For about $631.90, you could almost buy a pretty sweet Rancilio Silvia Espresso Machine - New 2009 Model V3 ($649). Captain America Comics #72 wouldn't be out of the question (current bid: $650, Buy It Now: $700). Say you were just joking about Disneyland being lame because your honey was in the room. How about a Disney World Premium Annual Pass ($630)? Did you know that a new Luminox 1890 Series Field Chronograph Stainless Steel Men's Watch would absolutely solve your Windows 7 clock problem ($650)?
As your mom would tell you, $631.90 in a Roth IRA would turn into about $13,730 in 40 years, based on a 25 percent marginal tax rate and 8 percent growth assumption.
Here's how this works. I'm not saying that the 175 goddamn dollars that Blizzard wants per ticket to this year's BlizzCon is not worth it. BlizzCon is just one of many trade shows and expos I attend every year, and no other boasts the same level of electricity and excitement from a fan's perspective. I am by nurture an apathetic creature, and even I felt a chill when, say, Chris Metzen took the stage in 2009 to announce in that booming voice of his the arrival of Cataclysm.
But then again, I'm not saying the 175 goddamn dollars that Blizzard wants per ticket is worth it. Take, for instance, last year's show. For those paying for big headline announcements, the best Blizzard could do was a reveal for the last of Diablo III's five classes. The eminently eBay-able schwag bag, too, was wanting, with worthwhile content including just a Deathwing statue and the Deathy in-game pet.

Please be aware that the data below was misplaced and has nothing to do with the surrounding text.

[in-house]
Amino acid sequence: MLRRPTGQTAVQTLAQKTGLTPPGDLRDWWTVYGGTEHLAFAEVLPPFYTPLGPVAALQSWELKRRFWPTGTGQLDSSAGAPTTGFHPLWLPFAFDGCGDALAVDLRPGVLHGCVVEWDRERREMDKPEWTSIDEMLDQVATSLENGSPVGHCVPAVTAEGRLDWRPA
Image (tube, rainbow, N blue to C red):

Blizzard even had the audacity to taunt its fans during the announcement-light 2010 show by first indicating that those in attendance would get a first look at its new massively multiplayer online game Titan, only to then pull a "Psych! Made ya look." And still a $25 premium over the year before, when gamers were treated to a World of Warcraft expansion announcement and a show by the Lord of Darkness himself, Ozzy Osbourne.
Yes, there is the fact that Blizzard "incurs a substantial loss" from BlizzCon, but as VP of product development Frank Pearce said in 2009, the show is "a huge marketing opportunity" for the company. Are these 25 goddamn dollar ticket hikes merely a case of Blizzard passing on the marketing costs to consumers?
What are fans actually getting for these extra 25 goddamn dollars? There certainly are a few things that could make it worthwhile, as all three of its major franchises are currently ripe for announcements. A first showing of Starcraft II: Heart of the Swarm would be nice, as would first word on WOW's fourth expansion. Or, Diablo III still needs a date, and its inevitable (wishful thinking?) trip to consoles has yet to be confirmed.
But really, what would actually be worth this year's 25 goddamn dollar hike? Actually showing Titan, as opposed to last year's cruel tease sounds like it might fit the bill.
But for many of you, these questions are moot. When, invariably, the gestating idea of attending BlizzCon takes a turn toward stillborn, and you aren't among the 20,000 or so who hit that queue just right--sneak in within that seconds-long window that Mike Morhaime described during last year's opening ceremony--remember to take heart. You'll still have GameSpot's coverage. You could maybe get that DirecTV Virtual Ticket ($40). And hey, with the money you and your honey save, why not go ahead and just buy a Banzai Drop Zone Water Slide ($640) instead?